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Conservation of the Urban Identity (Part 2): Rehabilitation

Posted on Sunday, Nov 8th 2009

By Guest Author Vaswar Mitra

Should a city struggling to provide its residents with basic amenities concern itself with issues of heritage conservation and identity? For the postcolonial cities that are facing this crisis, it is important to start considering the built heritage as a major economic driver and to encourage private investment in this sector and increase the margin of tax profits, which can again be pumped into the same historical zone for its better preservation.

The major conservation drives in nineteenth-century Europe that gave us the grand boulevards, museums, and magnificent riverfronts of cities such as Paris or Vienna displaced thousands of people from the historic core of the city, pushing the suddenly homeless outwards toward the suburbs. This is very difficult approach to apply in a present-day developing country, where in the name of conservation, the demands cannot be increased exponentially overnight. Rather, this highlights the need to not only conserve historic buildings, but also to rehabilitate them.

Historic rehabilitation through adaptive reuse of heritage zones and ‘infilling’ empty or deserted areas reduces the need to expand the community infrastructure. It has been found that demolition followed by re-building is much less expensive than a major renovation of the existing building. In the process of rehabilitation, a large number of properties rendered unusable from decay or ownership fragmentation can be rejuvenated for tax profits.

In addition to the building stock of the old mansions that are falling into disrepair, in many developing cities there are housing complexes that date back to the colonial era in the erstwhile ‘European Quarter.’ These buildings still encourage continuity of use, after minimal repairs, as middle and lower-middle income group housing. This again emphasizes the potential of older building stock, if not the buildings designated as ‘heritage’ only, to be reused and merged into the current urban fabric.

Rehabilitated older buildings enjoy the significant advantage of proximity – to work, to schools, to shopping, and to transportation in addition to being located in geographically ideal spots. These buildings are enticing since most buyers prefer a structure that reflects their identity and individuality. The most important element of this housing, however, would be the ‘invisible’ benefits of conservation; for example, the continuity of social and cultural traditions and the sustenance of the ‘functions’ that gave the city its ‘form.’ This is difficult to achieve without the collaboration of private developers, conservation architects, and the homeowners. Tax credits can be provided in heritage zones along with more relaxed floor-area ratios as incentives for rehabilitating the existing buildings of cultural significance, which allows rents and property prices to be more attractive.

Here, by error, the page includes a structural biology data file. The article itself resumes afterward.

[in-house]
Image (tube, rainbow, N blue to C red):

Kolkata’s Architectural Legacy — Die Eidgenössische Technische Hochschule (ETH), Zurich
Housing Conservation — Dr. Florian Steinberg

This segment is part 2 in the series : Conservation of the Urban Identity
1 2 3 4

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I am all for conservation for aesthetic value, sculptural value, rootedness and identity. But I also realize that change in human aspiration, lifestyle, non availability of certain resources, easy availability of modern gadgets – all have contributed to the task of conservation at micro level to be impossible in general and quite difficult even under most favourable situation. Lack of conservation at micro level is the result of economic parameters of supply and demand and not the result of being unaware of one’s roots or aversion to maintain the roots.

Sara Ray Saturday, November 28, 2009 at 11:25 AM PT